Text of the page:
send one book lover
this month, Amazon announced the upcoming release of Kindle
2, an upgraded version of the company’s original wireless
reading device. About the size of an average paperback, but
as thin as a pencil and weighing just over 10 ounces, the
$359 device runs on a 3G wireless network, which enables readers
to purchase and download books, magazines and newspapers,
and page through them on the paperlike E-Ink screen. The Kindle
makes it possible to slip an entire library into your coat
pocket. It’s an innovation that Amazon CEO Jeff Bezos claims
will save reading.
Portability and convenience are the most obvious, but the
Kindle’s advantages don’t end there. A search feature makes
hunting for passages in your favorite works a snap, and a
built-in New Oxford American Dictionary puts the definition
of that unknown word at your fingertips. Kindle lets you add
annotations within text, clip passages, bookmark pages, even
edit and export your notes. Your daily paper can be delivered
to your Kindle each morning wherever you are. Jetsetters can
buzz around the world with a selection of hundreds of thousands
of books just a click away.
It’s amazing. Human creativity and ingenuity harnessed to
ease the exchange of knowledge and ideas.
And yet, when I hear the echoes of praise for the electronic
slab—it’s been called a revolution, “better than books”—I
feel the sharp, metallic fingers of the future brush the nape
of my neck. My hairs bristle. I run to my treasured first
edition copy of The People, Yes. I thumb over the rough
yellowed signatures and frayed canvas cover. I tuck into my
armchair and breathe in the brittle pages. I want to know
my books are safe.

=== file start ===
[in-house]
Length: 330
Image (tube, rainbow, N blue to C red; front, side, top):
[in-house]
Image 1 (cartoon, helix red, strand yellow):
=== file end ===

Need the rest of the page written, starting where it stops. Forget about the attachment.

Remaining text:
Raised by a librarian and a writer, I am a confessed bibliophile.
Our small apartment has had a dedicated library since my husband
and I first set up shelves together. I love books for their
content, for the millions of worlds they open onto, the imagination,
information, imagery and insight, for the connections and
confessions they make about humanity.
You can download the words, the stories, the images onto a
Kindle (in 16 crisp gray E-Ink tones). But if the wireless
reading device is truly as revolutionary as critics claim,
if printed books become nearly obsolete for the general public—gone
the way of the 35mm camera, reel-to-reel home movies and record
players—how much will be lost in the digital transition?
I have a digital camera. It’s phenomenal. More economical,
convenient, reliable and crisp than film, I can snap a picture
at Christmas dinner, upload the image, edit it to perfection
and email a copy to everyone in the family before they tuck
in for the night. And yet I often miss the chemical magic
of the darkroom, or the communal rush of “getting pictures
back,” everyone hunched around a single stack of memories,
holding negatives to the light.
I have a digital video camera. It fits in my pocket. With
the touch of a button I can preserve any moment, from the
precious to the asinine. I can erase it just as easily. The
sound and picture are clear, uploading and sharing is a snap.
Still, I miss helping my father set up the wobbly movie screen
and thread the 8mm reels. I miss curling cross-legged on the
carpet for a grainy screening of the past, the dust swirling
in the projected beam, the hum of the motor, the gentle thwack,
thwack, thwack at the end of a reel.
And I have an mp3 player, but honestly, I really don’t use
it. I prefer my record player, the snag of the needle catching
the grooves, the bright cardboard sleeves, the scratchy grit
It’s not that I fear progress, or even the future. Innovation
thrills me. I often daydream about what’s to come. What I
do fear is that we are losing the complexity of experience,
distilling media into digital form. Old media was multisensory
and communal. New media is convenient and clean, almost sterile.
Scanning my library shelves, I realize I could cram this whole
room of books into an eight-by-five-inch Kindle. I imagine
it lying on the empty shelves, hundreds of volumes sucked
inside it like ghosts, and I know books are one thing I can
never give over to the future. For me, they are more than
their stories. They are tangible memories—the pages of Yeats
with my mother’s scrawlings in the margins, the Borstal
Boy unearthed at a used bookshop one rainy night on the
Irish coast. They are aging on my shelves like fine wines.
One day I will give them to my children, and I will watch
the pages come alive in their hands with stories and words
So bright future, come for me. But get your robot fingers
off my books.